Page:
• sort out the plumbing and provide JoJo tanks
  • provide a deep freeze
  • provide 50 loaves of bread weekly and monthly groceries
  • first aid courses
  • glasses for Thami
  • stage an annual graduation
  • stage an annual Christmas party with presents

Hot Cares also has its various partners to thank, and the support of the generous HOT 102.7FM listeners has contributed greatly to the upliftment of this wonderful little playgroup.

If you would like to contribute to ensuring the future of the Hlalisekani Playgroup, send an email to, or you can contact Thami Qukwana directly on 079 798 7812.

HOT Cares Helps Get Ronnie Kinnear Back to Work

HOT Cares Helps Get Ronnie Kinnear Back to Work

HOT CARES nobuhle blog

HOT Cares Helps Get Ronnie Kinnear Back to Work

There are so many hard luck stories out there and Hot Cares is not able to help everyone who contacts us.

But, where we can, we will.

Ronnie Kinnear got in touch with Hot Cares with such a story.

He’s a qualified mechanic by trade, but the impact of Covid-19 resulted in Ronnie and his wife being forced to close their small workshop on the West Rand.

“We were closed for almost eight months and when we returned to open shop, the landlord wanted the entire eight months’ rent, which we couldn’t pay, as we had no income,” he said.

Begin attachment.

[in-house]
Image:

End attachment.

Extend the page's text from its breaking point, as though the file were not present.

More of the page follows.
In the process, Ronnie and his wife lost their house and were forced to move to Thembisa, where they are currently living with their two children, aged three and 11.

But, Ronnie’s bad luck didn’t end there.

In March he was robbed of his cellphone and wallet whilst out on the N14 fixing a truck.

“This has been problem number one ever since, as no-one can now contact me for business,” said Ronnie. “That means losing the little bit of income we were making at the time.”

Things then went from bad to worse.

In August Ronnie and his wife decided to sell their TV and decoder to pay for rent and food, but were scammed out of these items by someone who responded on Facebook and claimed to have paid the money into their bank account.

As if that wasn’t enough, just weeks later Ronnie’s toolbox and diagnostic machine were stolen out of his car boot, meaning that he’s now unable to work on cars or trucks, as he doesn’t have any tools and equipment.

“I am humbly asking for any assistance in this matter,” said Ronnie. “I don’t want any money from you guys at all. Just please help me with tools, so I can provide for my family.”

Hot Cares feels Ronnie’s pain and would like to do what it can to at least help get him back on his feet, working and generating an income. So, it will be buying him a Foxwell diagnostic machine and a Trade Professional 85-piece toolkit.